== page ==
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Pearl Harbor Survivors Remembered at Mount Diablo Beacon Lighting Ceremony

  • December 8, 2013

By David Mills

It didn't matter that the event wasn't held at the summit this year.

More than 200 people came out Saturday afternoon to honor the survivors of the 1941 Japanese attack on Pearl Harbor, Hawaii.

The ceremony was part of the 50th annual lighting of the beacon at the top of Mount Diablo to commemorate that fateful day.

Due to the cold weather, the event was moved to the library at the Cal State East Bay Concord campus.

People packed the room and an overflow crowd stood outside in the cold to hear the remarks.

Local elected officials were in attendance. So were the Sons and Daughters of Pearl Harbor Survivors, the group that started the annual beacon lighting ceremony in honor of the survivors of the Dec. 7, 1941 attack.

A number of members from Save Mount Diablo were there, too. The non-profit group led the effort this past year to refurbish the aging beacon.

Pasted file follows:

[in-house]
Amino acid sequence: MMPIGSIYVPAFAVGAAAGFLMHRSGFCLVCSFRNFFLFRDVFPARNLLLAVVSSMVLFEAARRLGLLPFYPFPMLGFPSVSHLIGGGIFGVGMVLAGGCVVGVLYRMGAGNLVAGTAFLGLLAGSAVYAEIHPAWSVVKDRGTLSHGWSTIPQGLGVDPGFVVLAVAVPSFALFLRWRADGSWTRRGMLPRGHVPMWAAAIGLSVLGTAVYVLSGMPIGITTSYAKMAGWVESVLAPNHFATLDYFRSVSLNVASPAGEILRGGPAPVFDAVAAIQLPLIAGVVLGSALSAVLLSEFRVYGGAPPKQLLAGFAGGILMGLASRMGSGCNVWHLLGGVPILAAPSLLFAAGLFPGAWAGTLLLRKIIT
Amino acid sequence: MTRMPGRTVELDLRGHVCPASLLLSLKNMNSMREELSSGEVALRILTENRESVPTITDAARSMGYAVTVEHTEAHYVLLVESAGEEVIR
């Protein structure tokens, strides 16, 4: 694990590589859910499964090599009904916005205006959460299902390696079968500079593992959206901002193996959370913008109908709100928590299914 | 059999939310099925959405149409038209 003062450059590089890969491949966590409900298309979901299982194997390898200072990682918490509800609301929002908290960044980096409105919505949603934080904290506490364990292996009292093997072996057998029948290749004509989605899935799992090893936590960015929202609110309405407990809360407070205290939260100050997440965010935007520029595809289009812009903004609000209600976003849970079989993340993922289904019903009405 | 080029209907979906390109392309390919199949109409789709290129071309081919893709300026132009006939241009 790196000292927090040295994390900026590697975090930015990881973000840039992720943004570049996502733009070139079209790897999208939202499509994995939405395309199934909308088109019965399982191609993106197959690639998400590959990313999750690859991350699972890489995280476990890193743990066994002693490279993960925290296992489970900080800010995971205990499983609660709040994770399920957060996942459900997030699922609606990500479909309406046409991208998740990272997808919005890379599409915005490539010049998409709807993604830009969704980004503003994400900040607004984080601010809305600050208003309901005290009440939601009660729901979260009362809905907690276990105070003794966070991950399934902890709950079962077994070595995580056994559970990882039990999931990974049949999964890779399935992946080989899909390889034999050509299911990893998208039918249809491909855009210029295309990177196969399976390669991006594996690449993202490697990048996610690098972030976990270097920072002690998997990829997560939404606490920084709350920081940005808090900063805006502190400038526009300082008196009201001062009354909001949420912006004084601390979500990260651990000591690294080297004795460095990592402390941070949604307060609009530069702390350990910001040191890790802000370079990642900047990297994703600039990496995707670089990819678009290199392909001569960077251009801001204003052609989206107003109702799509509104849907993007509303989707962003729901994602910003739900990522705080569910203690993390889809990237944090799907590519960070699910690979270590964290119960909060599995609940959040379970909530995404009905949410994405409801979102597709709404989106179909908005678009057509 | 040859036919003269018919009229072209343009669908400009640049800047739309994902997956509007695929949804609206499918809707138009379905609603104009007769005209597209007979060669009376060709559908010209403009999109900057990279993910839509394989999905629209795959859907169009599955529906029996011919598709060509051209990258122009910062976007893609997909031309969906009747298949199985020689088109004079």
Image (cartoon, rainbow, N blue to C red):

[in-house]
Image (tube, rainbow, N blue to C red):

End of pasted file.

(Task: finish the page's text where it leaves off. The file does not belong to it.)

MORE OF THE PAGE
Representatives from the groups spoke about the courage of the Pearl Harbor survivors and how the beacon lighting remembers them every year.

But it was the six Pearl Harbor survivors in attendance who stole the show.

Earl "Chuck" Kohler said when the beacon shines every Dec. 7 it means Pearl Harbor's survivors and victims are not forgotten.

"The beacon's beam signals to everyone that you do remember," said Kohler.

John Tait said the beacon is something special to him and other survivors.

"It's an honor to have the beacon up there," said Tait.

Carl Marble said the beacon should also serve as a reminder.

"That light is important to me and my shipmates," said Marble. "I do not want that crazy war returning. I don't want another one of those."

Henry Fries said he is thankful for the efforts of the community to hold the annual event.

"To me, the beacon represents the tremendous commitment by you to remember this day," said Fries.

Survivors Benjamin "B.J." Smith and John Egan also spoke, thanking the organizations and the community for the beacon and the annual ceremony.

After the indoor event, everyone moved to the lawn at 4:45 p.m.

There, as the sun set, they watched the beacon shine once again at the top of Mount Diablo, this time from afar.


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